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Dale__
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PostPosted: Fri May 15, 2015 8:23 pm    Post subject: backup configuration? Reply with quote

ideally, I'd like to burn a DVD/CD as a regular backup that would "rescue" my system as well as my "home" stuff

but, I'll take any suggestions
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The Doctor
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PostPosted: Fri May 15, 2015 8:32 pm    Post subject: Reply with quote

The system rescue CD is already a rescue environment and you can simply put it on a usb. Other than that, I would use rsnapshot to an external drive or other secure location in case a restore is needed.

In my experience, any backup system that requires a user to do something is fundamentally flawed as you will forget to do it just after a critical update and before the system self destructs.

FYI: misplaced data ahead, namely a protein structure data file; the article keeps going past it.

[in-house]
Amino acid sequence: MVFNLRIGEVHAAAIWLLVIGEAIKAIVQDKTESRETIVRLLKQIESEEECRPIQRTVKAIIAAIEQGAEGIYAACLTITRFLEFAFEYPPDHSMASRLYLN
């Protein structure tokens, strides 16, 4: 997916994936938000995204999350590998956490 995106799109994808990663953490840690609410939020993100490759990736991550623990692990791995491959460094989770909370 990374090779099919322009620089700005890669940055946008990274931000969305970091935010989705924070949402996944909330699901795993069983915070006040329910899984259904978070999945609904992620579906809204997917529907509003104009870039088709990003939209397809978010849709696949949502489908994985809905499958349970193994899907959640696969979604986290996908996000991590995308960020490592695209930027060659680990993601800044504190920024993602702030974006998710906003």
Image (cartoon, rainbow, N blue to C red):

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Dale__
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PostPosted: Sat May 16, 2015 4:35 am    Post subject: Reply with quote

thanks,

I have a 320G hard drive partitioned according to AMD64 Handbook guide

I'm using about 5% of my disk

if I do all the daily/weekly/monthly backups, I need to get around 10 times what I got

I think I have enough on my rootfs

how can I split out a 50% partition of my rootfs?
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The Doctor
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PostPosted: Sat May 16, 2015 5:15 am    Post subject: Reply with quote

Dale__ wrote:
thanks,